It happened that last week the Investment Summit, organised by sister publication Fund Strategy, took place in Dubai. I was there. So were a number of experienced and seasoned IFAs and investment managers, including several multi-managers. In the time it took for the conference to be held and the delegates to be delivered to, and transported from, the venue, equity markets fell a fifth in this country and the US. The timing was very good or very bad, depending on your point of view.
There was a surreal air to the proceedings as speakers took to the rostrum against a background of turmoil and panic. With the Gulf location, there was an understandable emphasis on oil and Middle East investment. Worryingly, all who opined on the likely direction of the price of a barrel of crude expressed the view that oil would rise in price. In the longer term, they are probably correct but oil was falling as traders positioned themselves to face a major economic downturn.
The pessimists had one clear champion at the conference. Andy Xie, an independent economist based in Shanghai, believed the economic tsunami was on its way. He was bearish on markets although he felt China would weather the storm better than most by virtue of the likely shift to infrastructure spen ding rather than manufacturing for export.
Andy’s energetic presentation included a forecast that the UK economy would shrink by 5 per cent and a warning that Japan should be avoided by investors. As it happened, the Japanese stockmarket delivered the worst performance of all major markets last week, falling by a quarter in just five days of trading. His bearish stance was in stark contrast to that of the SocGen Asset Management team whose workshop theme was built around a valuation argument for Japanese shares.
Interestingly, there were parallels with the current situation in the Anglo-Saxon markets. In 1989, just before the stockmarket crumbled in Tokyo, there were 19 major banks in Japan. Today there are just eight.
Much the same is happening here. The role call of disappearing banks is growing – North ern Rock, Alliance & Leicester, Bradford & Bingley, HBOS – the landscape is changing fast.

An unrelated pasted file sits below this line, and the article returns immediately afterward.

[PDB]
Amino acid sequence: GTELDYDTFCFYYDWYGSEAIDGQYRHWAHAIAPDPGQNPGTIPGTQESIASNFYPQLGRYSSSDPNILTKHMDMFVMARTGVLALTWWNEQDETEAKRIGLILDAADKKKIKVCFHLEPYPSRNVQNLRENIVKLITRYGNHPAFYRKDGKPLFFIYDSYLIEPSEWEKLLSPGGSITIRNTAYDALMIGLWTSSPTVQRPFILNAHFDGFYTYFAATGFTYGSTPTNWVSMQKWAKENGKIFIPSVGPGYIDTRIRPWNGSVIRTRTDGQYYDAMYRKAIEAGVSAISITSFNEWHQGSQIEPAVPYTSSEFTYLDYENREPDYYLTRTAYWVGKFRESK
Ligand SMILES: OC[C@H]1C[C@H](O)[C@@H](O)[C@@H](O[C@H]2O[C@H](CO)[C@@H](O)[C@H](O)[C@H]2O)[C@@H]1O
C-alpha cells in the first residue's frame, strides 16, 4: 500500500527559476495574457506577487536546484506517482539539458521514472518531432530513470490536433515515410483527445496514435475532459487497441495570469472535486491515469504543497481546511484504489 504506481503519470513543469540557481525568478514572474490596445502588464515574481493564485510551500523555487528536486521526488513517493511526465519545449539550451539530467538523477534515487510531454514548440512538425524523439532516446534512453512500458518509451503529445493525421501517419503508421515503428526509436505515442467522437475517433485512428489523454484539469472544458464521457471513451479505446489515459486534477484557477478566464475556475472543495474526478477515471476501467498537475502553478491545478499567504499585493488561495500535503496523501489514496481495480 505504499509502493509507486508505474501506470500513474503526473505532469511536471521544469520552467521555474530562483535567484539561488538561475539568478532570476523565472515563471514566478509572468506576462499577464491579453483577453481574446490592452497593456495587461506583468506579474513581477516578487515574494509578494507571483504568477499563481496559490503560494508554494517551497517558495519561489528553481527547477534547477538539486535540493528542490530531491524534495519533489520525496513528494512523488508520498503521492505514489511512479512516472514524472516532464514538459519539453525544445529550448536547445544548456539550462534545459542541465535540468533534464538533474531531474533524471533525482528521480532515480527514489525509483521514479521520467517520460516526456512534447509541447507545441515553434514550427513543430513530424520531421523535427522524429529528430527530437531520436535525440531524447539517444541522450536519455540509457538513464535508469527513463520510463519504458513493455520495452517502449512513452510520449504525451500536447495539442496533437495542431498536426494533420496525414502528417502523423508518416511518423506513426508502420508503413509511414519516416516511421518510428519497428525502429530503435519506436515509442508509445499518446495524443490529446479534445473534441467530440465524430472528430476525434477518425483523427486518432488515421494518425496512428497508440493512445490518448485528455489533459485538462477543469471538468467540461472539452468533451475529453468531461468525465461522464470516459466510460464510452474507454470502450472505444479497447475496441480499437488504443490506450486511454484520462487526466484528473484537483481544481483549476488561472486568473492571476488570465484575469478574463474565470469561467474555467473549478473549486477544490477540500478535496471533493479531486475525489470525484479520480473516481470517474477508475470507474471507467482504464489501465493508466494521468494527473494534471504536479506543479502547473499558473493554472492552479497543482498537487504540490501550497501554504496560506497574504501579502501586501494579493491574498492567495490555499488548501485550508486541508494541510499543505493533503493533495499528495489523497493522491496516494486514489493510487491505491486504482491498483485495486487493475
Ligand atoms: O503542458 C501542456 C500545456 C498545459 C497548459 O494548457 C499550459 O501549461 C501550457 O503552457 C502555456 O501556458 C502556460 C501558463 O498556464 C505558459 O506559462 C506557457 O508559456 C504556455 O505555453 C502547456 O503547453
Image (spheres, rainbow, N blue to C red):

The good news is that investors took heart from what is seen as decisive action by the authorities – initially at any rate. Sentiment can turn in a trice and it is impossible to say what the mood will be later in the day, let alone later in the week. But we are all in this together. Confidence may have been shredded but governments need the situation to stabilise if capitalism is to survive.
No doubt all eyes will be on Iceland, where the potential debts of a failed banking system far exceed the GDP of the country. Arguably, Iceland’s problems were not as great a surprise as some other developments, which is why those with deposits may still face problems. By now we may know to rescue an entire coun try brought down by the global financial crisis.
These are exceptional times. Investment planning is virtually impossible in the circumstances in which we find ourselves. In the past, it has been possible to count on the dividend stream from shares to sustain investors while they wait for a recovery in capital value but with banks cancelling dividends, even this plank is threatened. For the time being, investors will need to live each day at a time.
Brian Tora (firstname.lastname@example.org) is principal of the Tora Partnership